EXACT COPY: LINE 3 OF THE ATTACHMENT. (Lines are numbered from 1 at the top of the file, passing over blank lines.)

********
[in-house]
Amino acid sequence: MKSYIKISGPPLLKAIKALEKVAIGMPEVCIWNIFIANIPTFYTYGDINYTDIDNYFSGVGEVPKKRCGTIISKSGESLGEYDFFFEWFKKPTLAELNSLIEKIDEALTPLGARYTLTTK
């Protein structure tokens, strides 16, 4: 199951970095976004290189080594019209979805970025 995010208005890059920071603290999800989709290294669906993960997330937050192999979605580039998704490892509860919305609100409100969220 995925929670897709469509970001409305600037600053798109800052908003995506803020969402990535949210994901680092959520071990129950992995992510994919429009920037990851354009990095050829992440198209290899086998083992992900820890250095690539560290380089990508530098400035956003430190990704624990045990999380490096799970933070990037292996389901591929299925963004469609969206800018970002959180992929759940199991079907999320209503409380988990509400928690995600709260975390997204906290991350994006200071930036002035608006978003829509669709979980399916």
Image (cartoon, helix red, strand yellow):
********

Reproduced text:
């Protein structure tokens, strides 16, 4: 199951970095976004290189080594019209979805970025 995010208005890059920071603290999800989709290294669906993960997330937050192999979605580039998704490892509860919305609100409100969220 995925929670897709469509970001409305600037600053798109800052908003995506803020969402990535949210994901680092959520071990129950992995992510994919429009920037990851354009990095050829992440198209290899086998083992992900820890250095690539560290380089990508530098400035956003430190990704624990045990999380490096799970933070990037292996389901591929299925963004469609969206800018970002959180992929759940199991079907999320209503409380988990509400928690995600709260975390997204906290991350994006200071930036002035608006978003829509669709979980399916």